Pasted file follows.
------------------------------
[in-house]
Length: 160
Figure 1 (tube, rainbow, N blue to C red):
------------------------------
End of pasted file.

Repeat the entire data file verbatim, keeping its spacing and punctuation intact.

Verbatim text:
[in-house]
Length: 160
Figure 1 (tube, rainbow, N blue to C red):